An arch is a vertical curved structure that spans an elevated space and may or may not support the weight above it, or in case of a horizontal arch like an arch dam, the hydrostatic pressure against it.
Arches may be synonymous with vaults, but a vault may be distinguished as a continuous arch forming a roof. Arches appeared as early as the 2nd millennium BC in Mesopotamian brick architecture, and their systematic use started with the ancient Romans, who were the first to apply the technique to a wide range of structures.
An arch is a pure compression form. It can span a large area by resolving forces into compressive stresses, and thereby eliminating tensile stresses. This is sometimes denominated "arch action". As the forces in the arch are transferred to its base, the arch pushes outward at its base, denominated "thrust". As the rise, i. e. height, of the arch decreases the outward thrust increases. In order to preserve arch action and prevent collapse of the arch, the thrust must be restrained, either by internal ties or external bracing, such as abutments.
Fixed versus hinged arches
The most common kinds of true arch are the fixed arch, the two-hinged arch, and the three-hinged arch.
The fixed arch is most often used in reinforced concrete bridges and tunnels, which have short spans. Because it is subject to additional internal stress from thermal expansion and contraction, this kind of arch is considered statically indeterminate.
The two-hinged arch is most often used to bridge long spans. This kind of arch has pinned connections at its base. Unlike that of the fixed arch, the pinned base can rotate, thus allowing the structure to move freely and compensate for the thermal expansion and contraction that changes in outdoor temperature cause. However, this can result in additional stresses, and therefore the two-hinged arch is also statically indeterminate, although not as much as the fixed arch.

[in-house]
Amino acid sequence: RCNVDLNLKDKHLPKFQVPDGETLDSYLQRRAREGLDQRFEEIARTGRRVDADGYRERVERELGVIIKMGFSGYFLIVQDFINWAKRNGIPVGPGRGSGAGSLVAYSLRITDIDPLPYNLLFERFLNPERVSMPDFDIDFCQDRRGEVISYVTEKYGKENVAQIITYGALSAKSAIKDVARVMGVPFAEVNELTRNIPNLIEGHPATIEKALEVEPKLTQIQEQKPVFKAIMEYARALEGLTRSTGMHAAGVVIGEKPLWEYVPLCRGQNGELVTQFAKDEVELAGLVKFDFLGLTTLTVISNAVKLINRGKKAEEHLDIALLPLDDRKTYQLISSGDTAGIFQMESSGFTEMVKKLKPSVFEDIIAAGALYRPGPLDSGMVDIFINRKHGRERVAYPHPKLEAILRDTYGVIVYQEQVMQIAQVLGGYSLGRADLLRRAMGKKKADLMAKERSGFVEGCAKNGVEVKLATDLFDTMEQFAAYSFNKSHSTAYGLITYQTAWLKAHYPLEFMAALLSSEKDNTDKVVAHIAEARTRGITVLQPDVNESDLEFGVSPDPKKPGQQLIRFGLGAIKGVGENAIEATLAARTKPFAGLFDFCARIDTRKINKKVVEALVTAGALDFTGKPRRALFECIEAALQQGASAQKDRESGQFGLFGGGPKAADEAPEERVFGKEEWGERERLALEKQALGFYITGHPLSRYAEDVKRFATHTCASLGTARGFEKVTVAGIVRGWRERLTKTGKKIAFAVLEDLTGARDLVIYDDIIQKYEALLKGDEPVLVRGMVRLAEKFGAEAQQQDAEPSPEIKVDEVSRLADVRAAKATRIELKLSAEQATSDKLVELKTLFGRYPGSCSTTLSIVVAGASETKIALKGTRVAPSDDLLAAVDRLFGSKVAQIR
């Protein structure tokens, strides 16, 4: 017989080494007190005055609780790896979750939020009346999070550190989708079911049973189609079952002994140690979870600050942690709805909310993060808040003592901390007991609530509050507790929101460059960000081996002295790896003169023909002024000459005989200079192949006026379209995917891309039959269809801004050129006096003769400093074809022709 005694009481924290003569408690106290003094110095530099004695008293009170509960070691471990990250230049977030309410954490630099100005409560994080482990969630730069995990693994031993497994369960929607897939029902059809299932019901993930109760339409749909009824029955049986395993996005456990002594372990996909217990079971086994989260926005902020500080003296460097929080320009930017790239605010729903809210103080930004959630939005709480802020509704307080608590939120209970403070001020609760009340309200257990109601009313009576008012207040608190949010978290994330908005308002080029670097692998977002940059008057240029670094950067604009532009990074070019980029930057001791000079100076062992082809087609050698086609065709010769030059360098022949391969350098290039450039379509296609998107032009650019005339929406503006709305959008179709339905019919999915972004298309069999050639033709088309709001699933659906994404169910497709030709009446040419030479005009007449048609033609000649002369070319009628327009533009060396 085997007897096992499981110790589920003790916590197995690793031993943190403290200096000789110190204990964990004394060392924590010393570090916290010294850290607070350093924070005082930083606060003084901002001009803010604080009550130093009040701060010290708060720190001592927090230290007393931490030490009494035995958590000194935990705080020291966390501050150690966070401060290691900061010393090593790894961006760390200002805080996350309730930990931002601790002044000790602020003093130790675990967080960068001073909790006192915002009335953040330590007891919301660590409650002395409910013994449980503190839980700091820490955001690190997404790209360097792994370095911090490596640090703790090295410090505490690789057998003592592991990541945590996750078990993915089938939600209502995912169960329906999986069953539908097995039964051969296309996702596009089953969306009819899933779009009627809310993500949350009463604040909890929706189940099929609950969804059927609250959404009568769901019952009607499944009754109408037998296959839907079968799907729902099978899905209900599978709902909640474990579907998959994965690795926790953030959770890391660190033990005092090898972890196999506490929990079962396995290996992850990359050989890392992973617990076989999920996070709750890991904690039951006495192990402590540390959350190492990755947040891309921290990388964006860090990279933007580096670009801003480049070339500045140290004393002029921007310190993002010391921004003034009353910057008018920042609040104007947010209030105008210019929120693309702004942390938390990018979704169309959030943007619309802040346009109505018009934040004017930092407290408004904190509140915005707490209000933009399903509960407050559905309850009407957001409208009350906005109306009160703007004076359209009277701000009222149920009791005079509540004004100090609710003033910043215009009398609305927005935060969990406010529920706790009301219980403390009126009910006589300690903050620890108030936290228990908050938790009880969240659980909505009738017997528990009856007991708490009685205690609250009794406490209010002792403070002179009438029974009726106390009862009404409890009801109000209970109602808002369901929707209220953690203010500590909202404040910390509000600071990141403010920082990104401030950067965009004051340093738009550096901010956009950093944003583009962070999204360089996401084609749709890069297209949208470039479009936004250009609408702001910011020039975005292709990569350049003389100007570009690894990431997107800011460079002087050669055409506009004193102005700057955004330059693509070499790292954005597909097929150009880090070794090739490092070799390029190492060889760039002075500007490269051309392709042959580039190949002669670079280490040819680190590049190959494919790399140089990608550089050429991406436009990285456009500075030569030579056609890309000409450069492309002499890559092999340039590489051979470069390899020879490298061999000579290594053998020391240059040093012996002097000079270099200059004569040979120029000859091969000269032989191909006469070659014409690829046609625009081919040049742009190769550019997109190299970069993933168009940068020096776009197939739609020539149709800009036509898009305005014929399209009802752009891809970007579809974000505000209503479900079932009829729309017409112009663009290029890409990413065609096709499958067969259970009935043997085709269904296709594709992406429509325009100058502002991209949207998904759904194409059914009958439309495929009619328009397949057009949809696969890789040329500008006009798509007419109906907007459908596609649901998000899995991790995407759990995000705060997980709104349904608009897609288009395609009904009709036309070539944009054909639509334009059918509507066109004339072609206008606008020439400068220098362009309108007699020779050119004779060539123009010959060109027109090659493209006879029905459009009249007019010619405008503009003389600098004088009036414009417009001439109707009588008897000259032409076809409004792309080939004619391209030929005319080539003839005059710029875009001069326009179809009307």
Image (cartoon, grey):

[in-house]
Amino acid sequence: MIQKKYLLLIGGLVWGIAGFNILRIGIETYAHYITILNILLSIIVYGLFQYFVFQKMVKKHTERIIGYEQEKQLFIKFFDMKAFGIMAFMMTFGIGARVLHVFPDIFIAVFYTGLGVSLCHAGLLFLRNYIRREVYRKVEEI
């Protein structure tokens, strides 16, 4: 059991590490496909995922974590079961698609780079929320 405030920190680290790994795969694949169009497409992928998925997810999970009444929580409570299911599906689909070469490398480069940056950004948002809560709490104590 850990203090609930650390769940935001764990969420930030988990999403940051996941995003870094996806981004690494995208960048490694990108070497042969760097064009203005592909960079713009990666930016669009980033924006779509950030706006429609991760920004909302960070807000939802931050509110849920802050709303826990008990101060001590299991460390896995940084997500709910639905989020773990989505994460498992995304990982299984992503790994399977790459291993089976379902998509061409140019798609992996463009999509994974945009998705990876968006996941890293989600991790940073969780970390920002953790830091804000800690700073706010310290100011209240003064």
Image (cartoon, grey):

The three-hinged arch is not only hinged at its base, like the two-hinged arch, yet also at its apex. The additional apical connection allows the three-hinged arch to move in two opposite directions and compensate for any expansion and contraction. This kind of arch is thus not subject to additional stress from thermal change. Unlike the other two kinds of arch, the three-hinged arch is therefore statically determinate. It is most often used for spans of medial length, such as those of roofs of large buildings. Another advantage of the three-hinged arch is that the pinned bases are more easily developed than fixed ones, which allows shallow, bearing-type foundations in spans of medial length. In the three-hinged arch "thermal expansion and contraction of the arch will cause vertical movements at the peak pin joint but will have no appreciable effect on the bases," which further simplifies foundational design.
Rounded, i. e. semicircular, arches were commonly used for ancient arches that were constructed of heavy masonry. Ancient Roman builders relied heavily on the rounded arch to span great lengths. Several rounded arches that are constructed in-line and end-to-end in a series form an arcade, e. g. in Roman aqueducts.
Pointed arches were most often used in Gothic architecture. The advantage of a pointed arch, rather than a circular one, is that the arch action produces less horizontal thrust at the base. This innovation allowed for taller and more closely spaced openings, which are typical of Gothic architecture.
Vaults are essentially "adjacent arches [that] are assembled side by side." If vaults intersect, their intersections produce complex forms. The forms, along with the "strongly expressed ribs at the vault intersections, were dominant architectural features of Gothic cathedrals."
The parabolic arch employs the principle that when weight is uniformly applied to an arch, the internal compression resulting from that weight will follow a parabolic profile. Of all forms of arch, the parabolic arch produces the most thrust at the base yet can span the greatest distances. It is commonly used in bridges, where long spans are needed.